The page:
Computational Systems Biology


Funded by:

Single Cell Microgel embedded iPS-cells to map molecular variability of cell differentiation using a systems biology approach (SCI-MAP) (ENW Groot)



Daily supervisors:

chair MIA:

Chair MIA:





Osteoarthritis is a common condition causing the breakdown of cartilage, affecting around 10% of the population aged 60 or older. However, despite its prevalence, no effective treatments currently exist. Induced pluripotent stem cells (iPSCs) can differentiate to specific cell types and allow for the development of personalised treatment methods. However, the mechanisms underlying differentiation from iPSCs to chondrocytes are not yet completely understood, causing a lower yield of chondrocytes than desired in currently applied differentiation protocols.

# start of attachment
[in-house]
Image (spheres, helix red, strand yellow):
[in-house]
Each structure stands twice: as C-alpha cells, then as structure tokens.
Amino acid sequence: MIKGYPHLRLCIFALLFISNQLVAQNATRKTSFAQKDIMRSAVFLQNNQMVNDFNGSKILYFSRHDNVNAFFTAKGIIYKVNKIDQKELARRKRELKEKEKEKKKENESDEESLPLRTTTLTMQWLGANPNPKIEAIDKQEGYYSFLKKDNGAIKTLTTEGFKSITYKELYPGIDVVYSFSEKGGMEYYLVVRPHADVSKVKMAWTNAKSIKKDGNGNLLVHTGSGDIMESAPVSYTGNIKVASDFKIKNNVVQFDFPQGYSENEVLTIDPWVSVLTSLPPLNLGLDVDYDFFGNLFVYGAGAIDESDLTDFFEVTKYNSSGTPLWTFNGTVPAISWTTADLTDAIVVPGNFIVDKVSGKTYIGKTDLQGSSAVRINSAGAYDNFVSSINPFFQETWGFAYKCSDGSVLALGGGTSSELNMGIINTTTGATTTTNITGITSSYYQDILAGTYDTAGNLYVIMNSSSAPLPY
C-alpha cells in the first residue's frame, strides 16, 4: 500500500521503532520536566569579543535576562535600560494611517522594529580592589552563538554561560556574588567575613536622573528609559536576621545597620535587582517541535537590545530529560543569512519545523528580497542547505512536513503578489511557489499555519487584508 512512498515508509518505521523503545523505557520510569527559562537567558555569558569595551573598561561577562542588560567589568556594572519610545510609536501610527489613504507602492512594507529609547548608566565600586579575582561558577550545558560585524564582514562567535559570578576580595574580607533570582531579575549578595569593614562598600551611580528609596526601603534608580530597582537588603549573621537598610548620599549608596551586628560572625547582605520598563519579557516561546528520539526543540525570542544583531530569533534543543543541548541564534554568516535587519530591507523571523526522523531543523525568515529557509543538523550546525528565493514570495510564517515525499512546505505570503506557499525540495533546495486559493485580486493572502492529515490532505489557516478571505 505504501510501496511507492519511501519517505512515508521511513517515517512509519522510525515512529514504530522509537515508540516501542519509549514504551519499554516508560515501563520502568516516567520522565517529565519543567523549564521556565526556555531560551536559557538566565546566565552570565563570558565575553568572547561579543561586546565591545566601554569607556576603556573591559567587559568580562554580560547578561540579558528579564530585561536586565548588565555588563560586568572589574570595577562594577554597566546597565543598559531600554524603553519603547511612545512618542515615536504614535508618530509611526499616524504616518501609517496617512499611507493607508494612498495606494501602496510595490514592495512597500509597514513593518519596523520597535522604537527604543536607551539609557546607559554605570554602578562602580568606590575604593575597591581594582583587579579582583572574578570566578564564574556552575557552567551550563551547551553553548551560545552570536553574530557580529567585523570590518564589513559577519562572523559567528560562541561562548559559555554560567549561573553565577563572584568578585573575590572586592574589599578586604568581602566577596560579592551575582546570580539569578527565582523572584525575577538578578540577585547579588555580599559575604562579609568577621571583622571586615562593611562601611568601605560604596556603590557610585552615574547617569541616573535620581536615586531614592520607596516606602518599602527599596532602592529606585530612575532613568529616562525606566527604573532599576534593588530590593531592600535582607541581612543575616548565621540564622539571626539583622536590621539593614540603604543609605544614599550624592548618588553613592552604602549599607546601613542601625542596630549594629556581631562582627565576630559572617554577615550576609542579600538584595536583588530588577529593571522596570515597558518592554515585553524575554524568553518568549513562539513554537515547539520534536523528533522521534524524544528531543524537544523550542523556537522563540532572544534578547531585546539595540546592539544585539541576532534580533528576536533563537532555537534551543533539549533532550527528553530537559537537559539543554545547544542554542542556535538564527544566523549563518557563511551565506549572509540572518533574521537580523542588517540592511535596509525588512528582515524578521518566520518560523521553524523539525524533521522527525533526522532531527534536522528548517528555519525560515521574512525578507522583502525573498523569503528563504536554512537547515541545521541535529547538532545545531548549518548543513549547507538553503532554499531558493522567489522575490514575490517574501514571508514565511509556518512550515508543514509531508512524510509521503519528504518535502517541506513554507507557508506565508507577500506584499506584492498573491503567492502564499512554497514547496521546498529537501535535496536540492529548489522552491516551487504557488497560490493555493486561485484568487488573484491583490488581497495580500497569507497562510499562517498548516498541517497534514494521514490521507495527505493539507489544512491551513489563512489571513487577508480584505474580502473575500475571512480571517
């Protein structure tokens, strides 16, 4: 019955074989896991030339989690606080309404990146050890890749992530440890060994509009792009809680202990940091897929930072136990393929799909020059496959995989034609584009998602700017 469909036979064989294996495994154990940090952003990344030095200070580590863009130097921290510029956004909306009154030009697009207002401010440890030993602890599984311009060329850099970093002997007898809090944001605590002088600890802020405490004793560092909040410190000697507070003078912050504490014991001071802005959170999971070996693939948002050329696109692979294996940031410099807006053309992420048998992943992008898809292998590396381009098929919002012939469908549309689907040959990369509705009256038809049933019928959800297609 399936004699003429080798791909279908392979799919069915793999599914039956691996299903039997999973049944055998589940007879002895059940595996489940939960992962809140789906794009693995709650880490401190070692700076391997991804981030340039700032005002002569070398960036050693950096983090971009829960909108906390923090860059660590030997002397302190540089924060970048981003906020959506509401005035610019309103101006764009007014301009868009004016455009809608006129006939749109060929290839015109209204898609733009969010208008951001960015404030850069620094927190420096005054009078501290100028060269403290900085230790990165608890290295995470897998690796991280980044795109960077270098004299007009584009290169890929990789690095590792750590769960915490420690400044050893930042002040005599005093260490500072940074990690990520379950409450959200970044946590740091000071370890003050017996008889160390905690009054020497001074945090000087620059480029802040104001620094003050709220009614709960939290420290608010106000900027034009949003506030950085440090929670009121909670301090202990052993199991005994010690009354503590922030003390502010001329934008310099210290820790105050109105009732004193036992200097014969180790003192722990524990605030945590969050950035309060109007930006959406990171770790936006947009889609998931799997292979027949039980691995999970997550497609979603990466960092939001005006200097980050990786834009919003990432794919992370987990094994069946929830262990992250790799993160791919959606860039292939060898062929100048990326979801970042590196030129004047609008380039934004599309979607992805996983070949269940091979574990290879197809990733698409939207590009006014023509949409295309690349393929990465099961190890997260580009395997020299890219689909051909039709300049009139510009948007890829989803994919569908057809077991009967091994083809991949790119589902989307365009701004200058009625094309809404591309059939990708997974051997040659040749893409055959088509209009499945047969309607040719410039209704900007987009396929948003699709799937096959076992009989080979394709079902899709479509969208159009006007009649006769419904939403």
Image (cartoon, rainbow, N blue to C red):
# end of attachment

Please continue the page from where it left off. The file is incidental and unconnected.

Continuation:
One way to improve the chondrocyte yield is by using computational models. Such models can give insight into complex interactions and mechanisms underlying iPS cell differentiation. Moreover, parameter changes in the model can easily be made, allowing for a systematic analysis of different experimental conditions.

Our goal is to construct in-silico models for the differentiation of iPSCs to chondrocytes. These models will generally consist of ordinary differential equations (ODEs), which can be analysed using simulations or bifurcation analysis. In this project, we will construct models incorporating different stages of iPSC differentiation as well as cell-cell interactions. From these models, we aim to find key factors governing the differentiation of iPS cells to chondrocytes that can be validated in wet-lab experiments, ultimately improving the yield of chondrocytes in iPSC differentiation.

If you are interested in doing a bachelor’s assignment or master’s assignment related to this project, feel free to contact me.